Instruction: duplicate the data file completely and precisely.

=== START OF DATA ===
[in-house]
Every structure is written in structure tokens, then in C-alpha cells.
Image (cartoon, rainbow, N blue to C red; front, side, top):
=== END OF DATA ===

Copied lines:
[in-house]
Every structure is written in structure tokens, then in C-alpha cells.
Image (cartoon, rainbow, N blue to C red; front, side, top):